19 June 2001
these preservatives but is also highly toxic. Consult the Consumer Information
Sheet and your safety and environmental office before you consider using it.
3-126.96.36.199 Water-Borne. Water-borne preservatives are toxic metallic salts
dissolved in water for easier application. The water-borne preservatives include
chromated copper arsenate (CCA), ammoniacal copper zinc arsenate (ACZA),
and ammoniacal copper arsenate (ACA). Wood treated with one of these water-
borne preservatives can be used either above or below the waterline (wood used
below the waterline is treated at higher retention levels). In addition, these salts
in combination with creosote (dual treatment) are more effective in preventing
marine borer damage than any single treatment. Other water-borne preservatives
for use above the waterline include acid copper chromate (ACC), ammoniacal
copper citrate (CC), and ammoniacal copper quat (ACQ)-Type B.
3-188.8.131.52 Negative Aspects. All preservative treatments have drawbacks that
should be considered. Metallic salts, for example, will seriously embrittle wood.
More importantly, these toxic chemicals present environmental and personnel
safety concerns. All treated wood should be supplied with a Consumer
Information Sheet that provides use, handling, and disposal precautions. Proper
safety procedures should be carefully followed.
Plans for handling pressure-treated wood removed from service should
be carefully considered, especially in areas where the disposal of treated wood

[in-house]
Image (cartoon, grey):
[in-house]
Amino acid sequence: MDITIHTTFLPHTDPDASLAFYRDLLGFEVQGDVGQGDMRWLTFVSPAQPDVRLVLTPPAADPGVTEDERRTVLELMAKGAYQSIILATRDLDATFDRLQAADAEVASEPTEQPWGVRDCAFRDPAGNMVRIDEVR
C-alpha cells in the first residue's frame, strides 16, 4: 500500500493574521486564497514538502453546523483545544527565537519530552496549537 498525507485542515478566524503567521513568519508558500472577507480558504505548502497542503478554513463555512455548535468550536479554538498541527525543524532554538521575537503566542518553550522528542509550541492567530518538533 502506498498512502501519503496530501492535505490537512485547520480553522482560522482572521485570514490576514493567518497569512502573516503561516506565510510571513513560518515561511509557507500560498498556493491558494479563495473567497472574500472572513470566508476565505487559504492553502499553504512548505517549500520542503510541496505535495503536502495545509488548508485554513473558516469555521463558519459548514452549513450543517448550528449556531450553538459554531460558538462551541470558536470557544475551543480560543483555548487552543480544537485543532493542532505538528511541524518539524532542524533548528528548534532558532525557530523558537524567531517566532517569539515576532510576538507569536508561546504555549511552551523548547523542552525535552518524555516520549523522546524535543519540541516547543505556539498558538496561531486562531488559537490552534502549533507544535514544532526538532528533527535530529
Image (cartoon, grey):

may be restricted. Alternatives to landfilling include reuse as landscape timbers,
recycled as fuel, etc. Wood treated with CCA should never be used as a fuel, and
treated wood should not be recycled as mulch. Other restrictions may apply;
Consult with your environmental office.
3-2.3.2 Field Treating Exposed Areas of Wood Before Installation. Cut
surfaces of wood members, pile cutoffs, bolt holes, and any other exposed
surfaces of treated wood members must be treated in the field before installation.
All exposed, untreated wood should be treated in accordance with American
Wood Preservers' Association, Standard M4, Standard for the Care of
Preservative-Treated Wood Products. Treat holes for bolts and wood plugs
inserted in piles and timbers with the same general type of wood preservative
originally used for the member. Bolt holes should be treated under pressure with
a mechanical bolt hole treater, if available, or thoroughly saturated. Wood
preservatives are restricted use pesticides and must be applied in compliance
with applicable standards. Consult your safety office or nearest EFD applied
Timber pile tops, cut off after the pile is driven, expose the untreated
heartwood of the pile to rapid decay. AWPA Standard M4 provides
recommendations for preservative treatments for pile tops. Creosoted piles may
be field treated with creosote solutions, or where particularly heavy coatings are
required, a coal-tar roof cement meeting ASTM D-4022, Specification for Coal
Tar Roof Cement. Piles treated with ACA, ACZA, or CCA can be field treated